BRI’s Waterfowl Program primarily focuses its research on conservation needs for waterfowl throughout North America. Waterfowl, such as ducks, geese, and swans, are especially impacted by global changes as they rely on many different habitats throughout their annual migratory routes.
BRI has partnered with other conservation focused organizations, as well as state and federal agencies interested in waterfowl conservation goals. BRI is actively conducting research within three broad areas: (1) contaminants monitoring; (2) movement studies; and (3) avian health.
Waterfowl have long served as indicators of ecological health for a diverse set of ecosystems including coastlines, lakes, rivers, and swamps throughout North America. However, these habitats are sometimes exposed to harmful levels of contaminants deposited by domestic industry practices or transported through the atmosphere from far away. After deposition, fish and waterfowl ingest the contaminants along with their diet. Certain waterfowl species more readily accumulate harmful levels of contaminants. BRI’s waterfowl contaminant research focuses on two approaches: (1) assessments of polluted areas; and (2) contaminant screenings.
Assessments of polluted areas: BRI has been involved with research projects that assess the effects of contaminants on waterfowl from known polluted areas. Polluted areas identified by federal agencies undergo an ecological damage assessment process. BRI’s role has been to implement neutral, third party field studies for federal agencies and responsible parties at these polluted sites. BRI’s findings help determine which species are at most risk for contaminant exposure, as well as provide information needed to make informed conservation decisions for impacted wildlife and their habitats.
Contaminant screenings: The collection of waterfowl blood, feathers, eggs and edible tissue samples provides important information on the overall health of an individual bird, its population, and the North American environment that wildlife and humans share.
The following are representative research projects with a focus on monitoring contaminants in waterfowl:
Waterfowl movement studies provide important information on their behavior, ecology, and habitat requirements. The movements of waterfowl throughout their annual life cycle are complex and can be undetectable in observation studies. During their annual migratory route, many species of waterfowl utilize remote geographic locations unreachable to the biologists studying them. Tracking devices provide data otherwise unattainable through other monitoring techniques.
Technological advances in tracking equipment have enabled wildlife biologists at BRI to record detailed locations and movements of individual birds. We typically use two types of tracking devices on waterfowl. Traditional radio telemetry (VHF) is typically used to track birds in close ranges (up to several miles) by boat, plane, vehicle, or foot. Satellite transmitters can track waterfowl globally and can provide information for up to several years.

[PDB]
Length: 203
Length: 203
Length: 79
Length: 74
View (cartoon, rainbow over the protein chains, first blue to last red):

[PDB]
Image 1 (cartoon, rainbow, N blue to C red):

BRI and our research collaborators have tagged and tracked several species of waterfowl throughout North America. Tagged individuals actively provide detailed locations and movements and data on their natural history and habitat requirements, which provides biologists with information for waterfowl management, conservation, and legislative decisions.
The following are representative research projects with a focus on waterfowl movements:
Waterfowl can be susceptible to various diseases and viruses, such as the West Nile virus, avian influenza, and avian cholera. Federal agencies established wildlife disease monitoring programs to detect geographic locations, species, and even individuals that are of concern for transporting infectious diseases.
Avian influenza is widely endemic in waterfowl populations, as well as many other species of birds. The emergence of a highly pathogenic strain of avian influenza (HPAI within the H5N1 subtype) in Asia and its subsequent spread to Europe and Africa has elevated concerns about potential transfer to North America. Migratory birds are a potential pathway of introduction of Asian H5N1 into North America. In response, the U.S. Fish and Wildlife Service conducted a surveillance effort to detect Asian HPAI H5N1 in the Atlantic and Mississippi Flyways.
BRI assisted in the surveillance program by live-capture and tissue sampling of waterfowl species in the Atlantic Flyway:
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